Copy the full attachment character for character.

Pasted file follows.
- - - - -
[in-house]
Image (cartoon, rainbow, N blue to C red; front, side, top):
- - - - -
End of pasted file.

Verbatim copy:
[in-house]
Image (cartoon, rainbow, N blue to C red; front, side, top):